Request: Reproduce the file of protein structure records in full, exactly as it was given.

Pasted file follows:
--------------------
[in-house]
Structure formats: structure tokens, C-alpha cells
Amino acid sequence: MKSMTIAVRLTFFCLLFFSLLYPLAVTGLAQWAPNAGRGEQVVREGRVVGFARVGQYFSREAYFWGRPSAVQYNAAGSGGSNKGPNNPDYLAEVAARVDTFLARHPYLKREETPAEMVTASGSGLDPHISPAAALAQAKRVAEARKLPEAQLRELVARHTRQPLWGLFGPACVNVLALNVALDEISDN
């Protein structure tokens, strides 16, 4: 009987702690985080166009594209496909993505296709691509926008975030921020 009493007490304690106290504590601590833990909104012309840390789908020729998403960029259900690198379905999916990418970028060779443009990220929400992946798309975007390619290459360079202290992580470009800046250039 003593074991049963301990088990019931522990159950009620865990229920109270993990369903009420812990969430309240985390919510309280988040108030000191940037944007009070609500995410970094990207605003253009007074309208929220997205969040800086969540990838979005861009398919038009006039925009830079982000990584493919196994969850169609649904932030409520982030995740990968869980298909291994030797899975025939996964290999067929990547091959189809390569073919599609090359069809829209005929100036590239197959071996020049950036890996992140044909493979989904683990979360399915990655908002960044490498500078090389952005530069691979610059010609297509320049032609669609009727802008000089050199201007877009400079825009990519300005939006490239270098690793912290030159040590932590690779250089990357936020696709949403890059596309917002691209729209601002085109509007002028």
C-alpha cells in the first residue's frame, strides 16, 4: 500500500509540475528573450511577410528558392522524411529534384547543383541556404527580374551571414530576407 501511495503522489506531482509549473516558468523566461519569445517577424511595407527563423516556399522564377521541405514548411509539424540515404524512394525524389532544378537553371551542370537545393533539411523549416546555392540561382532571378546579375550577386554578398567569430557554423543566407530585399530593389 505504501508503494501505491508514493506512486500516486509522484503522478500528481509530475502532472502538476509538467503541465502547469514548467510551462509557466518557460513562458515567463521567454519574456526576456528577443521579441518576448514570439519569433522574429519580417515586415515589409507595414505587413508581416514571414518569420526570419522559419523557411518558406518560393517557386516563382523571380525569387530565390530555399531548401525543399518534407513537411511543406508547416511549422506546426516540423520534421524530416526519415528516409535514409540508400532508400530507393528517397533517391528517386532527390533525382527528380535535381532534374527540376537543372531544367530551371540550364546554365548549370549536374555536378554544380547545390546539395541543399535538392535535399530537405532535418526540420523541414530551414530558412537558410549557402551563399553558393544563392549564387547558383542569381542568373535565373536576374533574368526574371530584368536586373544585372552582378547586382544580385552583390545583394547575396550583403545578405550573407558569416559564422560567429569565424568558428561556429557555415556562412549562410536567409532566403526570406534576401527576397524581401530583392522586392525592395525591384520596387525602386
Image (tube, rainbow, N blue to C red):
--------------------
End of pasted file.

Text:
[in-house]
Structure formats: structure tokens, C-alpha cells
Amino acid sequence: MKSMTIAVRLTFFCLLFFSLLYPLAVTGLAQWAPNAGRGEQVVREGRVVGFARVGQYFSREAYFWGRPSAVQYNAAGSGGSNKGPNNPDYLAEVAARVDTFLARHPYLKREETPAEMVTASGSGLDPHISPAAALAQAKRVAEARKLPEAQLRELVARHTRQPLWGLFGPACVNVLALNVALDEISDN
């Protein structure tokens, strides 16, 4: 009987702690985080166009594209496909993505296709691509926008975030921020 009493007490304690106290504590601590833990909104012309840390789908020729998403960029259900690198379905999916990418970028060779443009990220929400992946798309975007390619290459360079202290992580470009800046250039 003593074991049963301990088990019931522990159950009620865990229920109270993990369903009420812990969430309240985390919510309280988040108030000191940037944007009070609500995410970094990207605003253009007074309208929220997205969040800086969540990838979005861009398919038009006039925009830079982000990584493919196994969850169609649904932030409520982030995740990968869980298909291994030797899975025939996964290999067929990547091959189809390569073919599609090359069809829209005929100036590239197959071996020049950036890996992140044909493979989904683990979360399915990655908002960044490498500078090389952005530069691979610059010609297509320049032609669609009727802008000089050199201007877009400079825009990519300005939006490239270098690793912290030159040590932590690779250089990357936020696709949403890059596309917002691209729209601002085109509007002028």
C-alpha cells in the first residue's frame, strides 16, 4: 500500500509540475528573450511577410528558392522524411529534384547543383541556404527580374551571414530576407 501511495503522489506531482509549473516558468523566461519569445517577424511595407527563423516556399522564377521541405514548411509539424540515404524512394525524389532544378537553371551542370537545393533539411523549416546555392540561382532571378546579375550577386554578398567569430557554423543566407530585399530593389 505504501508503494501505491508514493506512486500516486509522484503522478500528481509530475502532472502538476509538467503541465502547469514548467510551462509557466518557460513562458515567463521567454519574456526576456528577443521579441518576448514570439519569433522574429519580417515586415515589409507595414505587413508581416514571414518569420526570419522559419523557411518558406518560393517557386516563382523571380525569387530565390530555399531548401525543399518534407513537411511543406508547416511549422506546426516540423520534421524530416526519415528516409535514409540508400532508400530507393528517397533517391528517386532527390533525382527528380535535381532534374527540376537543372531544367530551371540550364546554365548549370549536374555536378554544380547545390546539395541543399535538392535535399530537405532535418526540420523541414530551414530558412537558410549557402551563399553558393544563392549564387547558383542569381542568373535565373536576374533574368526574371530584368536586373544585372552582378547586382544580385552583390545583394547575396550583403545578405550573407558569416559564422560567429569565424568558428561556429557555415556562412549562410536567409532566403526570406534576401527576397524581401530583392522586392525592395525591384520596387525602386
Image (tube, rainbow, N blue to C red):